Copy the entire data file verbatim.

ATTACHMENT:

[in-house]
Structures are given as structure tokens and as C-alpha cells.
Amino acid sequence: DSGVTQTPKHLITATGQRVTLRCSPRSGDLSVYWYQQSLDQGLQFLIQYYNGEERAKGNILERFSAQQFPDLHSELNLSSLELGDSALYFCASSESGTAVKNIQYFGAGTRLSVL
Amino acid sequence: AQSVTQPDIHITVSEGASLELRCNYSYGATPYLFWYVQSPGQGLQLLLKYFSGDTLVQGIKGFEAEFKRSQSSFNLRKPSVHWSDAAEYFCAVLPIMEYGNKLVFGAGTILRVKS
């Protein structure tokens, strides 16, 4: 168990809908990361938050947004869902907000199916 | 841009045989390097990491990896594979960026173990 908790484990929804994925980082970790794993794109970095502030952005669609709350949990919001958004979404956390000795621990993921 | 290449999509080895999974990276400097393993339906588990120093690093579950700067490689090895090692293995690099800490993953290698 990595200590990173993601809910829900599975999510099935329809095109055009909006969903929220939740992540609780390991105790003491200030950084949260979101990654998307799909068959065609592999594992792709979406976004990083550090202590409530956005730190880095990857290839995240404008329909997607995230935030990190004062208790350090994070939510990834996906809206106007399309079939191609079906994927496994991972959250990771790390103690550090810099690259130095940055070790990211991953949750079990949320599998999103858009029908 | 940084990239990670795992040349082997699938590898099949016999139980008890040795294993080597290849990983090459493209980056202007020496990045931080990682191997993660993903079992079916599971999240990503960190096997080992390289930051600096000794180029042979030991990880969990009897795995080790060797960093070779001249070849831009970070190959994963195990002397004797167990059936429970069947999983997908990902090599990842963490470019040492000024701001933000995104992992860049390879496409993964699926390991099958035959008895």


[in-house]
Structures are given as structure tokens and as C-alpha cells.
Amino acid sequence: DSGVTQTPKHLITATGQRVTLRCSPRSGDLSVYWYQQSLDQGLQFLIQYYNGEERAKGNILERFSAQQFPDLHSELNLSSLELGDSALYFCASSESGTAVKNIQYFGAGTRLSVL
Amino acid sequence: AQSVTQPDIHITVSEGASLELRCNYSYGATPYLFWYVQSPGQGLQLLLKYFSGDTLVQGIKGFEAEFKRSQSSFNLRKPSVHWSDAAEYFCAVLPIMEYGNKLVFGAGTILRVKS
């Protein structure tokens, strides 16, 4: 168990809908990361938050947004869902907000199916 | 841009045989390097990491990896594979960026173990 908790484990929804994925980082970790794993794109970095502030952005669609709350949990919001958004979404956390000795621990993921 | 290449999509080895999974990276400097393993339906588990120093690093579950700067490689090895090692293995690099800490993953290698 990595200590990173993601809910829900599975999510099935329809095109055009909006969903929220939740992540609780390991105790003491200030950084949260979101990654998307799909068959065609592999594992792709979406976004990083550090202590409530956005730190880095990857290839995240404008329909997607995230935030990190004062208790350090994070939510990834996906809206106007399309079939191609079906994927496994991972959250990771790390103690550090810099690259130095940055070790990211991953949750079990949320599998999103858009029908 | 940084990239990670795992040349082997699938590898099949016999139980008890040795294993080597290849990983090459493209980056202007020496990045931080990682191997993660993903079992079916599971999240990503960190096997080992390289930051600096000794180029042979030991990880969990009897795995080790060797960093070779001249070849831009970070190959994963195990002397004797167990059936429970069947999983997908990902090599990842963490470019040492000024701001933000995104992992860049390879496409993964699926390991099958035959008895």